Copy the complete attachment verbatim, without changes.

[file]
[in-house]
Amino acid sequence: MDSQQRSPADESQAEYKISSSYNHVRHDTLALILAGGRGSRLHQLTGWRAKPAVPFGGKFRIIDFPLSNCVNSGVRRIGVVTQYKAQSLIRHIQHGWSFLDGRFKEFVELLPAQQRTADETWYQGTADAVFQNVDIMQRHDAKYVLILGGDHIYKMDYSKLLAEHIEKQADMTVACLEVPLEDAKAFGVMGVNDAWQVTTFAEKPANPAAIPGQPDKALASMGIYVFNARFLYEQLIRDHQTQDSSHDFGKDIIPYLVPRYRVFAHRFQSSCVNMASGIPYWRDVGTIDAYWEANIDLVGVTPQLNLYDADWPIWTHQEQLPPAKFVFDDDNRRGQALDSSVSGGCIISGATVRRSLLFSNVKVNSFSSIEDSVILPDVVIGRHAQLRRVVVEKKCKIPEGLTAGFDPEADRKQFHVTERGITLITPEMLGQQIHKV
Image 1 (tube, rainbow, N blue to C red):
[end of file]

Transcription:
[in-house]
Amino acid sequence: MDSQQRSPADESQAEYKISSSYNHVRHDTLALILAGGRGSRLHQLTGWRAKPAVPFGGKFRIIDFPLSNCVNSGVRRIGVVTQYKAQSLIRHIQHGWSFLDGRFKEFVELLPAQQRTADETWYQGTADAVFQNVDIMQRHDAKYVLILGGDHIYKMDYSKLLAEHIEKQADMTVACLEVPLEDAKAFGVMGVNDAWQVTTFAEKPANPAAIPGQPDKALASMGIYVFNARFLYEQLIRDHQTQDSSHDFGKDIIPYLVPRYRVFAHRFQSSCVNMASGIPYWRDVGTIDAYWEANIDLVGVTPQLNLYDADWPIWTHQEQLPPAKFVFDDDNRRGQALDSSVSGGCIISGATVRRSLLFSNVKVNSFSSIEDSVILPDVVIGRHAQLRRVVVEKKCKIPEGLTAGFDPEADRKQFHVTERGITLITPEMLGQQIHKV
Image 1 (tube, rainbow, N blue to C red):